The following 8 GB athletes have all won a place in Kona…cool! Jealous :-)
The following 8 GB athletes have all won a place in Kona…cool! Jealous :-)
Here’s my ‘review’ and some thoughts on the LONGterm future of where sports watches mught be in 5 or more years time.
The Garmin Forerunner 930XT review - well it will probably be the 990XT by then!
Written by: Tim Mickleborough
Reblogged from: competitor.com
Is there an accurate do-it-yourself method I can use to determine my lactate threshold for cycling and/or running using a power meter or GPS device?
In order to track fitness changes during the season it is important to conduct regular physiological testing. Access to a human performance laboratory is optimal and can yield important information, such as power and heart rate (for cycling) and pace and heart rate (for running) at the lactate threshold.
It is important to understand what lactate and the lactate threshold (LT) are before we proceed with the different types of tests available to the athlete for determining LT. The blood lactate level measured at rest or at any point during exercise represents a balance between its rate of production and release into blood and its subsequent removal from the bloodstream. This balance is referred to as the lactate turnover rate, and it determines the baseline lactate concentration in the blood. An untrained individual will typically have a blood lactate level of 4 to 15 mg/dl (0.44 to 1.7 mmol/L). On the other hand, trained endurance athletes typically have a lactate level of around 3 to 5 mg/dl (0.3 to 0.6 mmol/L).
However, a hard training session or a period of overtraining can elevate these levels in athletes.
There exists an effort level termed the maximal lactate steady state (MLSS), which an athlete can continue to work at for an hour or even longer. If an athlete maintains this effort level, his or her blood lactate level will remain relatively stable. However, even a small increase in effort level above the MLSS can elevate an athlete’s blood lactate and eventually force him or her to stop. (This could occur anywhere from a couple of minutes to 30 minutes into a workout depending on the effort level above the MLSS.) It is important to note that above the MLSS there are no more steady states, just the inevitable progression to exhaustion. This effort level above the MLSS has a few names, but the most common are the LT, LTHR, the anaerobic threshold or the onset of blood lactate accumulation (OBLA). Both the MLSS and LT are the best indicators of endurance performance. In fact, power output at LT is the best predictor of performance at race distances from a few minutes to several hours. Therefore, improvements in either the MLSS or LT are almost always accompanied by improvements in race performance. Frequent LT testing (every four to six weeks) is usually the best indicator of potential race performance for endurance events. Endurance training shifts the LT to a higher percentage of VO2 max (maximal oxygen consumption).
In the laboratory, the LT can be assessed by indirect calorimetry, using increasing exercise workloads (on a cycle ergometer or treadmill) to study ventilation and gas exchange and correlate the LT to a particular heart rate and/or power output, or a certain percentage of these quantities. However, not all athletes have access to a human performance laboratory. So can athletes determine their cycling and running AT without having to visit a human performance laboratory?
The answer is yes—but how do we determine this elusive LT during a field test? Portable lactate analyzers are becoming cheaper, but let’s assume that an athlete does not have a portable lactate analyzer.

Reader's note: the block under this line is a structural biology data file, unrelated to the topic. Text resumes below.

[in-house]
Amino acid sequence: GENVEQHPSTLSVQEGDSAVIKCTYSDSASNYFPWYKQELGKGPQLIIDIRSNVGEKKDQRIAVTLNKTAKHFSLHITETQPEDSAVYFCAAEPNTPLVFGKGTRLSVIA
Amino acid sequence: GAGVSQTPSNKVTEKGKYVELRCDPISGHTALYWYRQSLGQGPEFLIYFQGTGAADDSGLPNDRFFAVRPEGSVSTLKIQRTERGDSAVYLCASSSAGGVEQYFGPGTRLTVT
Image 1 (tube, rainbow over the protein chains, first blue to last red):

With regard to cycling, researchers showed two decades ago that LT is highly correlated with one-hour maximal cycling power,1 and with regard to running, another study proved that a 10K flat run performed at a high effort level will get you close to MLSS and LT.2 However, both of these field tests require an athlete to have a power meter for the bike and a GPS tracking/accelerometer device (e.g. Garmin) for the run. Using these devices to determine cycling and running LT has been described well in a variety of very good training books.3,4,5,6 No matter how you choose to test yourself, the most important aspect is to be consistent between tests. Perform the test in exactly the same manner each time and on the same indoor trainer or course and under the same environmental conditions.
Determining LT with a Power Meter
The LT is significantly correlated to one-hour maximal cycling power output.1 Does this mean that you have to ride for one hour for your LT test? The answer is no—one method is to determine your critical power at LT,3 and the other is to determine your functional threshold power (FTP) at LT.5 Critical power and FTP at LT are essentially the same thing. Critical power is a method of comparing work capacity for different periods of time in order to determine the power an athlete can maintain for a long time. To determine one’s critical power, an athlete performs an all-out interval lasting three minutes. On the following day, the athlete will perform an all-out interval lasting 20 minutes. He or she can then calculate critical power using the data from those two intervals. For example, let’s assume that the athlete managed an average of 350 watts (W) for the three-minute test and 250W for the 20-minute test. To calculate critical power, you multiply the average power by the number of seconds in the interval (350W x 180 seconds (sec) = 63,000 joules for the short interval; 250W x 1200 sec = 300,000 joules for the long interval). Now divide the difference in joules [(300,000-63,000) / (1200-180) = 232.4 W] to find the critical power at LT.3, 5
An alternative is to determine your FTP, also known as CP60, which is the power you can maintain for one hour. The easiest way to determine your FTP is to do a 20- or 30-minute time trial in which you put out a strong, steady effort for the entire duration. It is important not to go out too hard, as you will not be able to produce your true MLSS; the goal is to produce the highest average watts over the entire period. After you complete the test, download the power data and subtract 5 percent from the average power for the entire 20- or 30-minute test—this is the FTP at LT. Subtracting 5 percent from the average power results in a power value that would be very close to a 60-minute power value5.